To say it has been a bad year for Eagle Rock Energy Partners, L.P. (NASDAQ:EROC) investors would be an understatement. Just take a look at the following stock chart.
Despite the plunging stock price, company insiders have engaged in big insider buying over the past quarter. That's typically a very bullish signal for a stock because insiders really only buy if they think a stock is going higher. Let's see if that's the case at Eagle Rock Energy Partners.
A look at who is buying
Since the end of August, insiders bought just over 135,000 units against just 55,000 units sold. A big chunk of that buying occurred on August 18 when six officers or directors bought more than 53,000 units. However, the bulk of these units came from a restricted unit grant from the board of directors. The insiders receiving the grant didn't pay anything for these units, so I wouldn't exactly call this insider buying.
The other big insider trade was by Roger Fox on September 15. He bought just over 70,000 units, though like the restricted unit grants from before, these didn't cost him anything. Here is where it gets interesting. Mr. Fox was the SVP of Eagle Rock Energy Partners' midstream business before it was sold to Regency Energy Partners (NYSE:RGP). Interestingly enough Mr. Fox was expected to cease his employment with Eagle Rock Energy Partners after that deal's transition period closed, but he will now replace SVP of Upstream Business Joseph Schimelpfening on the company's board. Mr. Schimelpfening resigned on September 8 to pursue other opportunities. He was part of the group receiving the restricted units that were given to him just few weeks before resigning. Again, not a real bullish sign here either.
In fact, the only insiders actually paying cash to buy units this quarter were CEO Joseph Mills and Robert Haines, who is the interim CFO. Combined, the pair bought 11,000 units at an average of $4.09 per unit. That's actually a lot less than total units sold by insiders.
What to make of all this
Typically insider buying is a big bullish sign, but I'm not so sure that's the case with Eagle Rock Energy Partners. Most of the buys came from stock grants given to insiders by the board of directors. These grants are typically given to retain key employees, but that doesn't appear to be working as one of the recipients left within weeks of receiving the grant.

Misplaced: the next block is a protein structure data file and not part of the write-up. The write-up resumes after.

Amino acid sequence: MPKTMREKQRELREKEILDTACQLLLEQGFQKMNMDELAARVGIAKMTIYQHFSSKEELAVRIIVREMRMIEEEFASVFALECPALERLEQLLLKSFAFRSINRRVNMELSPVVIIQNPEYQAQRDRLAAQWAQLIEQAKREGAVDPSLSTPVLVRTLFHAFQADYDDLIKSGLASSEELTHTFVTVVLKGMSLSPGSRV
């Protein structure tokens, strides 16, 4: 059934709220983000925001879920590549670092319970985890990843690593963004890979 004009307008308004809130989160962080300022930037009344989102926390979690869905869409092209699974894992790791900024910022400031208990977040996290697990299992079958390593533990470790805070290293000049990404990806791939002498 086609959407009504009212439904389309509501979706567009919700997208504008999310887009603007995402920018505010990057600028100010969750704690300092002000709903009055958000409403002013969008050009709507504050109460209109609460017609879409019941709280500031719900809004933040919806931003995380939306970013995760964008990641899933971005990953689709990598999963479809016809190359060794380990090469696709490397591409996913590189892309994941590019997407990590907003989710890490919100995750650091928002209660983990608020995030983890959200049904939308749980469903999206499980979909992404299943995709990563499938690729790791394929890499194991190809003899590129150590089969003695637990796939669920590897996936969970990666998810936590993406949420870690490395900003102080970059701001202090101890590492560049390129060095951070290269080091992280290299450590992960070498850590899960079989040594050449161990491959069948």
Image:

That being said, those insiders that are remaining with the company likely do see brighter days ahead for the company. These insiders now have a much stronger balance sheet to work with; the midstream deal really cleaned up its balance sheet as its debt fell from $1.3 billion to just $250 million post-closing as we see on the following slide.
Even better, its liquidity went from a worrisome $46.5 million to a robust $389.2 million. This is providing the company with a lot of flexibility as it focuses on growing its upstream oil and gas business.
On top of that Eagle Rock Energy Partners has a very compelling acreage position in the SCOOP, which it could develop internally or monetize. Either option would likely bring upside as, for example, if the company monetized this asset it could use those proceeds to acquire assets that would better fit within the company's MLP structure. Add it all up, and there is a catalyst brewing at Eagle Rock Energy Partners that insiders see as a reason to buy.
These opportunities suggest that Eagle Rock Energy Partners at least has the assets and flexibility to use to reverse the decline in its unit price. This is why insiders are showing signs of bullishness by increasing their ownership stake in the company. While these insiders still have a lot of work to do, including developing a firm plan for growth, there are enough positives here to keep insiders adding units.
Matt DiLallo has no position in any stocks mentioned. The Motley Fool has no position in any of the stocks mentioned. Try any of our Foolish newsletter services free for 30 days. We Fools may not all hold the same opinions, but we all believe that considering a diverse range of insights makes us better investors. The Motley Fool has a disclosure policy.